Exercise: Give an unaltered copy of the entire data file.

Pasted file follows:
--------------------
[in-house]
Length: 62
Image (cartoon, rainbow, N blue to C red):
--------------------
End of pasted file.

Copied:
[in-house]
Length: 62
Image (cartoon, rainbow, N blue to C red):